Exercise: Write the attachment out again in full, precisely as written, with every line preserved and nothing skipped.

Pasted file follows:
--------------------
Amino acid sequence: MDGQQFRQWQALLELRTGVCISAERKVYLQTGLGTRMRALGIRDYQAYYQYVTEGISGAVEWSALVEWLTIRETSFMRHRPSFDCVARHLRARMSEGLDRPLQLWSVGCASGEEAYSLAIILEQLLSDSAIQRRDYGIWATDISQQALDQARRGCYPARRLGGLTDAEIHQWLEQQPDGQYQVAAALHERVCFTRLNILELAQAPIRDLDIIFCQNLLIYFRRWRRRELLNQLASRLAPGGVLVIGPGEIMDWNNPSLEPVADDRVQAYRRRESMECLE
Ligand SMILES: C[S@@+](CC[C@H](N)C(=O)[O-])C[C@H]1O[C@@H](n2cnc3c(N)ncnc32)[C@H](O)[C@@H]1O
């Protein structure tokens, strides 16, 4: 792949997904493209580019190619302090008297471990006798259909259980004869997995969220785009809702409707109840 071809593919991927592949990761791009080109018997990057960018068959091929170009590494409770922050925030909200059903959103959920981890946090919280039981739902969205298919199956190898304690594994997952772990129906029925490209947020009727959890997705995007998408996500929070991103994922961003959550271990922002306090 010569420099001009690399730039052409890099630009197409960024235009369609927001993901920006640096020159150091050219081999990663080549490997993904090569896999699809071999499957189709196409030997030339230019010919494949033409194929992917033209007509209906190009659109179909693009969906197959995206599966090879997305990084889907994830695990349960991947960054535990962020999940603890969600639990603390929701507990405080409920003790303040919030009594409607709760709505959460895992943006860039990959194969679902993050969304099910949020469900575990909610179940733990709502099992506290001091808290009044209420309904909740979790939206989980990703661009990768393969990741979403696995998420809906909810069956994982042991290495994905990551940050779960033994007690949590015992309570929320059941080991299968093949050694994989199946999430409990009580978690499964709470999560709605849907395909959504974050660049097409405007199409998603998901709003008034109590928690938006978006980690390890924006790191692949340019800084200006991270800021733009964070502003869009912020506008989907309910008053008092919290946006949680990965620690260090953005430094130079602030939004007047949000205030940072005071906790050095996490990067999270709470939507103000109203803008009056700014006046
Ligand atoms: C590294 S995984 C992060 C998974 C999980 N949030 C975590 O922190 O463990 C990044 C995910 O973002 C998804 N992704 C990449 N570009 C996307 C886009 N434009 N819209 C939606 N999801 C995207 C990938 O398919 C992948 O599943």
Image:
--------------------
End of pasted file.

Amino acid sequence: MDGQQFRQWQALLELRTGVCISAERKVYLQTGLGTRMRALGIRDYQAYYQYVTEGISGAVEWSALVEWLTIRETSFMRHRPSFDCVARHLRARMSEGLDRPLQLWSVGCASGEEAYSLAIILEQLLSDSAIQRRDYGIWATDISQQALDQARRGCYPARRLGGLTDAEIHQWLEQQPDGQYQVAAALHERVCFTRLNILELAQAPIRDLDIIFCQNLLIYFRRWRRRELLNQLASRLAPGGVLVIGPGEIMDWNNPSLEPVADDRVQAYRRRESMECLE
Ligand SMILES: C[S@@+](CC[C@H](N)C(=O)[O-])C[C@H]1O[C@@H](n2cnc3c(N)ncnc32)[C@H](O)[C@@H]1O
């Protein structure tokens, strides 16, 4: 792949997904493209580019190619302090008297471990006798259909259980004869997995969220785009809702409707109840 071809593919991927592949990761791009080109018997990057960018068959091929170009590494409770922050925030909200059903959103959920981890946090919280039981739902969205298919199956190898304690594994997952772990129906029925490209947020009727959890997705995007998408996500929070991103994922961003959550271990922002306090 010569420099001009690399730039052409890099630009197409960024235009369609927001993901920006640096020159150091050219081999990663080549490997993904090569896999699809071999499957189709196409030997030339230019010919494949033409194929992917033209007509209906190009659109179909693009969906197959995206599966090879997305990084889907994830695990349960991947960054535990962020999940603890969600639990603390929701507990405080409920003790303040919030009594409607709760709505959460895992943006860039990959194969679902993050969304099910949020469900575990909610179940733990709502099992506290001091808290009044209420309904909740979790939206989980990703661009990768393969990741979403696995998420809906909810069956994982042991290495994905990551940050779960033994007690949590015992309570929320059941080991299968093949050694994989199946999430409990009580978690499964709470999560709605849907395909959504974050660049097409405007199409998603998901709003008034109590928690938006978006980690390890924006790191692949340019800084200006991270800021733009964070502003869009912020506008989907309910008053008092919290946006949680990965620690260090953005430094130079602030939004007047949000205030940072005071906790050095996490990067999270709470939507103000109203803008009056700014006046
Ligand atoms: C590294 S995984 C992060 C998974 C999980 N949030 C975590 O922190 O463990 C990044 C995910 O973002 C998804 N992704 C990449 N570009 C996307 C886009 N434009 N819209 C939606 N999801 C995207 C990938 O398919 C992948 O599943």
Image: